To test the algorithm’s ability to identify what concepts fell under each of these themes, we asked it to classify concepts using topic modeling, yielding the categories shown in figure 4. The machine did not label these categories, but simply numbered them arbitrarily. On inspection, the machine-generated categories were difficult to relate to a specific theme. For instance, while category 5 appears to be associated with compensation, it also contains a few unrelated terms (such as “technology” and “change”) that fit in statistically but not contextually. Also, since the machine categorization was driven by words, not phrases, it is impossible to be sure if the algorithm’s categorization took respondents’ comprehensive and accurate meaning into account.

As seen, the machine-generated categorization does not seem to make sense, and hence needs manual intervention to build meaningful insights.

The human take: Synthetic thinking—Divide, categorize (phrases), then compare

The same task of categorization was then performed by our human analysts. The sorting and synthesizing of unstructured data typically requires both time and cognitive effort, involving concentration, focus, intuition, and synthetic and integrative thinking. While the machine merely counted the frequency of words mentioned, the analysts plodded through the responses, sorted them into what they intuitively perceived to be common recurring themes, and created labels for the categories (figure 5).

Based on the human analysis, some 40 percent of the responses had to do with the respondent’s job, work, or work satisfaction. Sample answers in this category included, “I enjoy my job and what I do; that is motivation enough” and “I love the work I am doing.” The next three most popular categories, each representing 10–15 percent of the open-ended responses analyzed, were compensation, technology, and training/upskilling. Next came leadership/management, representing about 7 percent of the responses.


Step three: Sensing (moving from statements to feelings)

While sorting and synthesizing is about understanding what workers are saying, sensing (also known as sentiment analysis) is about understanding what people are feeling. It’s important to know, for instance, whether people feel positively or negatively about the topics they mention. Moreover, in the case of our two-part question, neither the human nor the machine categories indicated which part of the question (“what keeps you motivated” or “what needs to change”) respondents were referring to. The goal of the next step, sensing, was to decipher respondents’ underlying emotions, interests, or concerns, as well as which part(s) of the two-part question the respondents have answered. Armed with this information, analysts could start a conversation with business leaders about what insights the data helped identify.7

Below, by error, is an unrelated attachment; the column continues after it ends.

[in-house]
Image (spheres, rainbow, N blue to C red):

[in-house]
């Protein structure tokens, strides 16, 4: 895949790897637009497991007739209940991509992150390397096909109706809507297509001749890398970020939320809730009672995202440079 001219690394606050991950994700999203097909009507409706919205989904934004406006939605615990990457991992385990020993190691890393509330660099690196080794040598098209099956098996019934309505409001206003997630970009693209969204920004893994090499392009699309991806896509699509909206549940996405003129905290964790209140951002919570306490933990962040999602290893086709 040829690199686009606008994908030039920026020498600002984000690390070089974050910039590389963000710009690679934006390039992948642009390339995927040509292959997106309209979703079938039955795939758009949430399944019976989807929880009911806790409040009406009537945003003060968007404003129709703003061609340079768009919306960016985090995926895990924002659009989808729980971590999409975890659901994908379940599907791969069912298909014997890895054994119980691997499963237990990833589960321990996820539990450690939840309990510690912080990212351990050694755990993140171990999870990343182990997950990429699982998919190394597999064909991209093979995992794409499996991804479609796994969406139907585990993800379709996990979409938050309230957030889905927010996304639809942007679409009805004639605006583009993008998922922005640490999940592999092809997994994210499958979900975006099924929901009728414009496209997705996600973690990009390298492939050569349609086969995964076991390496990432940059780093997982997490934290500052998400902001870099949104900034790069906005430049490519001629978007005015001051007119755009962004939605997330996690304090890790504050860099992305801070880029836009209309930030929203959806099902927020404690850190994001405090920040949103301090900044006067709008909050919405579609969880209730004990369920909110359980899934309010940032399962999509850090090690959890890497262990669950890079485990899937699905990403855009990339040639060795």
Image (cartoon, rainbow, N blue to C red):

“While sorting and synthesizing is about understanding what workers are saying, sensing (also known as sentiment analysis) is about understanding what people are feeling.”

The machine’s take: Look at phrases, but anchor on words

In our study, the human analysts and the algorithm both worked first on sentiment analysis—classifying each response as either primarily positive or primarily negative.8

We instructed the algorithm to consider the phrases associated with the human-created categories and assign them a positive or negative value. While the algorithm was once again quicker, completing the task in one-fifth of the time the humans took, it missed the mark in some cases. For instance, it classified “I feel extremely motivated” as a negative sentiment. Examination of the machine’s software revealed that this was due to its data dictionary package, which had assigned a negative value to the word “extremely.”